Voices of Football: Gerald Sinstadt – The Man Who Spoke Out
Racism, as has now become just about indisputable, has been on the rise again over the last three or four years, but the truth of the matter is that it’s always been with us, and that it never really went away. What has changed has been its method of delivery. Racist football supporters don’t need to sit in a stand and shout things that may end up in them being banned from the ground and perhaps arrested any more. Nowadays, they can target their abuse, and they can do it from the comfort of their own homes.
At the end of the 1970s, though, things were very different. As 1978 drew to a close, the Winter of Discontent was starting to bite, while the weather was continuing to deteriorate. On the 30th December, a blizzard hit the south and south-east of England. The following day was the coldest New Year’s Eve in forty years. For those who didn’t want to go out in that sort of weather on New Year’s Eve, there was football on the television. In the north-west of England, Granada Television was presenting The Kick Off Match.
It was a sparkling afternoon of football that they featured, a 5-3 win for West Bromwich Albion at Manchester United which remains one of the most fondly-remembered of the era. Albion’s three black players, Laurie Cunningham, Cyrille Regis and Brendon Batson, all shone in particular, assisted by similarly outstanding performances from Tony Brown and Len Cantello. There was, however, one blight on the afternoon. Throughout the match, Albion’s black players were booed almost every time they touched the ball.
At the time, it felt like there was a conspiracy of silence around the gales of racism that washed around British grounds every Saturday afternoon. It was simply never mentioned. But on this occasion, one man spoke out. Granada’s commentator was halfway through pointedly mentioning the abuse that Cunningham was receiving on West Brom’s left-wing before he was cut short in the perfect way possible, a through-pass from Cunningham to Tony Brown, who swept in an equalising goal for Albion. They came from behind twice, to win that match.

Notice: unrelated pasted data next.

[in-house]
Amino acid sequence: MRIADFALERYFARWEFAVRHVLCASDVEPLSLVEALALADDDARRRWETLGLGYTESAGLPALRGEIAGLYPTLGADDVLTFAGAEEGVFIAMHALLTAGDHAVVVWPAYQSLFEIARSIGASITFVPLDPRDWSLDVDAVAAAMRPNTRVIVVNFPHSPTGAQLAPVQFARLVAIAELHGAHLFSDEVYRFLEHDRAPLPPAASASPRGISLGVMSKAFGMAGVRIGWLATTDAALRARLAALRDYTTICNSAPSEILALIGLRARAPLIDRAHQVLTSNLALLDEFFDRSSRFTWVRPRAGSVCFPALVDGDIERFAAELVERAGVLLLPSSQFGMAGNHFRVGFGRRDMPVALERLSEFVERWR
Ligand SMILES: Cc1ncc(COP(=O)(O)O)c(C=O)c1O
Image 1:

Gerald Sinstadt, who was both Granada’s anchor and commentator that day, was born in Folkestone in February 1930. He cut his radio teeth on the British Forces Broadcasting Service (BFBS), and moved on from there to BBC Radio. Once there, he got in touch with a young Second Lieutenant that he’d first encountered while with the BFBS and helped him to get his first job in radio. Barry Davies would go on to become a legend of British sports broadcasting.
By the middle of the 1960s, though, the tide had turned against radio. Television was where the future of sport rested, and Gerald Sinstadt went to Anglia Television, making his television commentary debut for them in December 1966, for a match between Grimsby Town and Leyton Orient as previous commentator John Camkin laboured with recurring back problem that would see him retire from commentary in 1968. Sinstadt’s stay in East Anglia, however, would be relatively brief. A considerably bigger fish had come knocking.
When ITV launched in 1955, there was only the North of England, and it was run on a dual-franchise between Granada and ABC Television, who ran the weekends in the Midlands, as well. In some respects, this made sense. The weekends were the biggest ratings winners, and having a separate company focusing on that alone benefited the growing network, but by the time the ITV contracts were reissued for 1968, ABC had been squeezed into the brand new London company, Thames Television, while Granada saw their region split in two, with Yorkshire Television taking the other half. Their compensation for this would be a seven-day contract.